In terms of how scores on the BA might be affected (i.e., in ways related to anxiety), there is very little scientific literature to inform an answer to this question. It is reasonable to assume that anxiety can impact results, but it is unclear as to how results will be impacted. We hypothesize that Self-Concept scores might be subject to more rapid change as they are reflective of more recent circumstances.
How do we minimize error in PI Assessments?
PI minimizes error as measured by Standard Error of Measurement (SEM) by ensuring that assessments perform reliably, that confusing irrelevant, or biased items are removed, and that the assessments are accessible and easy to complete. We remove sources of potential error in the assessment and administration that might impact a participant’s score. This is achieved by using simple assessment formats, carefully field-testing instruments before they are used in the field, vigilantly monitoring for statistical bias, accurately translating assessment content, and frequently monitoring the statistics behind the assessment. By taking these precautions, PI creates assessments that can be trusted to report scores that are as accurate as possible for your workplace applications.
Validity refers to evidence supporting interpretations and use cases for an assessment. Our Science Team engages in continuous improvement for our validation. Throughout the body of our validity research, we have found that the PI Behavioral Assessment is linked to multiple work outcomes, which has helped us to establish criterion-related validity. Further, we have researched how the BA is linked to theoretically related (and unrelated) dimensions, allowing us to establish convergent (and discriminant) validity.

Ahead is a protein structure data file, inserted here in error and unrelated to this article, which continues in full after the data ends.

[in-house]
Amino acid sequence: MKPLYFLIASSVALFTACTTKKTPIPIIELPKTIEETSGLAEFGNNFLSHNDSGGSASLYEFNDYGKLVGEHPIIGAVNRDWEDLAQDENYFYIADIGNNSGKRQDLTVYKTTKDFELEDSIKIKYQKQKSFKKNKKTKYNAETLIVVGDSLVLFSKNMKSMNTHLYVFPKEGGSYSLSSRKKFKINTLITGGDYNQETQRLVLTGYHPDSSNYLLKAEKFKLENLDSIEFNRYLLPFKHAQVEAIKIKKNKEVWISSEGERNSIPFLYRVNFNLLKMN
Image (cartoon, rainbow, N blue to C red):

Since 1992, we’ve conducted approximately 400 validity studies. In 94% of those studies, we’ve found that scores on the BA were significantly associated with various measurements of job performance. The average criterion validity coefficient in the significant tests was r=0.30. These studies were conducted across 111 unique job roles in 11 different industries using assessment scores and performance data from more than 25,000 working adults, demonstrating the flexibility of the instrument for a variety of roles.
While tenure can be difficult to capture (based on insufficient sample sizes and it being a broad construct), PI has conducted approximately 194 validity studies that found significant relationships between PI Behavioral Assessment Factor scores and tenure. Generally speaking, longer tenure is associated with lower Extraversion (B), higher Patience (C), and higher Formality (D), although this will differ by company and job role.